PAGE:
You moved to a new job, as you feel that you’re stuck on your old job. You think that you know the big picture now. You know what is the purpose of using patterns and best practises, but you feel that they ignore you when you have opinion of what matters most. On the new job you’re given title senior. Congratulations, you are proficient. You’re now able to explore, weigh options, and decide which one works for your particular problem. You may be assigned to mentor one or two developers.
Suddenly you got a pay rise and new title. Your CTO told you that you’re now an expert. An asset to the company as it seems that you can automatically and quickly decide the architecture and pinpoint the future potential problem. You have intuition on which direction you’ll take without too much exploring and trying. This is where your wisdom is the tacit knowledge you’ve been accumulated. The development and executive team will ask you for some advice.
Mentoring And Pairing
The most effective way of developing your skill and wisdom is to find a good mentor with matching skill level. This is what Dan North calls Dreyfus Squared. We take the four level to create a table of pairs.
The table above is an example of the matrix. Some pairs work well, some does not. An advanced beginner mentoring another advanced beginner will result on mayhem as they constantly testing the rules. However, a compentent with a novice will result of guidance to the beginner as well as lesson learned. An proficient mentored by expert will build confidence. The rule of the thumb is 1 or 2 levels distance gap is good.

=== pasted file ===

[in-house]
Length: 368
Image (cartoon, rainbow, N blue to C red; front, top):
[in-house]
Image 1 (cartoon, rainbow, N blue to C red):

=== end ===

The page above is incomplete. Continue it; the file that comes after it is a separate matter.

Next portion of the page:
You’ll see the main theme of the career progression or skill acqusition above. It’s all about autonomy on making decision. In software engineering, we have a lot of thing to decide. Some examples are:
- Are we going to do automated or manual build?
- Do we test manually or automated?
- Monolith or microservices architecture?
- Synchronous or asynchronous I/O model?
- PostgreSQL, MongoDB, or Cassandra?
And many more. We need to be careful when deciding here as sometimes the marketing of some frameworks or practises is very strongly influence our decision. Some practise that is better from some situations but not the other.
The first question you need to ask is WHY. This question is so simple powerful, it’s easy to overlook. When you heard someone preaching new practises, always ask the why.
Jonah Lehrer on his book : How We Decide comes with the rubric of decision making:
- If the problem is novel (to you), instinct alone will not suffice. Our instinct can often help on solving the subproblems but our rational mind should integrate them.
- If the problem is routine and can be fully characterized with a few well defined variables (or simplified in this way because the decision’s consequence matters little), let reason carefully assess and analyze the options.
- If the problem is routine, but cannot be simplified to a few well defined variables, use your rationale mind to identify what information is and is not available, but let the emotional part of your mind process and analyze it. The instinct resulting from this is your mind’s expert judgement.
In connection with the Dreyfus model, we acquire instinct when reaching expertise. That’s why usually the most senior developer or architect is tasked to explore new problem. Or, in my word, to do software reconnaissance. This is due to their ability to decide quickly and effectively the choices of solving novel problems. They are more prepared like a special force.
Engineering wisdom is the ability to weigh and decide the best methodologies and solutions for particular problem. The more wisdom you gather the likelihood of finding effective solution is higher. This growth can only be executed in an organisation with growth mindset and learning culture.